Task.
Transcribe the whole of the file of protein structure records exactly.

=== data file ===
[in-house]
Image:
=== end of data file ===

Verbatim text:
[in-house]
Image: